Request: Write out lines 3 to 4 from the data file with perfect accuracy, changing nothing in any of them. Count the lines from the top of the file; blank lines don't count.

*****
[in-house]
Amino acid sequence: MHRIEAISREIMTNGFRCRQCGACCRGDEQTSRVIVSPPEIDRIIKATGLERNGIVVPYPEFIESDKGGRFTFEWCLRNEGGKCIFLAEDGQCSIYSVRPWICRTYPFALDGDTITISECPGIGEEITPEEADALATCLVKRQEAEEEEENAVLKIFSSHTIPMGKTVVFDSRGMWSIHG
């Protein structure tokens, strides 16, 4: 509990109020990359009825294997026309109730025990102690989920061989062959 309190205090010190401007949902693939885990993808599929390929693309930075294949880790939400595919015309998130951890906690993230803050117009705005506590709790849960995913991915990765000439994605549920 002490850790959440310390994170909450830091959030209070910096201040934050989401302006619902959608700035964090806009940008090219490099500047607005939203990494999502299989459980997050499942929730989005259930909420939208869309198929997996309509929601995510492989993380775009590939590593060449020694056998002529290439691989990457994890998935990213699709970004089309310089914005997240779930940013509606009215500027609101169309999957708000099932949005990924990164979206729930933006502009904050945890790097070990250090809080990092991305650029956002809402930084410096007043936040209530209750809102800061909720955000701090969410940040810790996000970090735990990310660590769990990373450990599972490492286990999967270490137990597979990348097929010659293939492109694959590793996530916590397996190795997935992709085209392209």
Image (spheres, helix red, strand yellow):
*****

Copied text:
């Protein structure tokens, strides 16, 4: 509990109020990359009825294997026309109730025990102690989920061989062959 309190205090010190401007949902693939885990993808599929390929693309930075294949880790939400595919015309998130951890906690993230803050117009705005506590709790849960995913991915990765000439994605549920 002490850790959440310390994170909450830091959030209070910096201040934050989401302006619902959608700035964090806009940008090219490099500047607005939203990494999502299989459980997050499942929730989005259930909420939208869309198929997996309509929601995510492989993380775009590939590593060449020694056998002529290439691989990457994890998935990213699709970004089309310089914005997240779930940013509606009215500027609101169309999957708000099932949005990924990164979206729930933006502009904050945890790097070990250090809080990092991305650029956002809402930084410096007043936040209530209750809102800061909720955000701090969410940040810790996000970090735990990310660590769990990373450990599972490492286990999967270490137990597979990348097929010659293939492109694959590793996530916590397996190795997935992709085209392209």
Image (spheres, helix red, strand yellow):